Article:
But Russia isn’t the problem. ‘’Earlier this month wrote Asia Times, Russia wrote off Uzbekistan’s $865 million debt. Moscow’s decision put an end to a long saga of bilateral financial claims and counter-claims, some dating back to early 1990s.’’ What is more, Russia withdrew its support for the Verkhne-Narynsky, in part because the arrangement meant for preferential loans which Russia was hesitant to grant considering the slow pace of land allocation by local authorities.
A long-time zone of privileged Russian influence, the region is now increasingly connected to China. Chinese manufactured goods are now flooding Central Asian markets, with Kyrgyzstan a major re-exportation hub in Central Asia. This enormous competition promises to be a major hindrance to the growth of indigenous manufacturing.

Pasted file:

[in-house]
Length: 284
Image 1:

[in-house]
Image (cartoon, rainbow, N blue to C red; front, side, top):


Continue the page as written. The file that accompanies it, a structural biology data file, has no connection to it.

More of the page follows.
The menace posed by Beijing is chiefly economic, although the sheer weight of China’s influence will call for sound fiscal policy and clever balancing in foreign policy. This major geopolitical shift is no threat to central Asian governments. Beijing has based its entire engagement with the region on non-intervention, stability, and non-interference.
Pierre-Olivier Bussieres is a Junior Research Fellow at the NATO Association of Canada. Pierre holds a Master of Arts (M.A) in Eastern European, Russian and Eurasian Studies from Carleton University. He is currently Desk Officer for the Montreal Institute for Human Rights and Genocide Studies, and Editor-in-Chief for Republic of the East. He previously worked as a Research Assistant at Carleton University’s Centre for Excellence in European Studies, and Parliamentarians for the Americas. In addition to his M.A, Pierre obtained a Practical Certification in Foreign Intelligence Assessment from the Canadian Centre for Security and Intelligence Studies at Carleton University.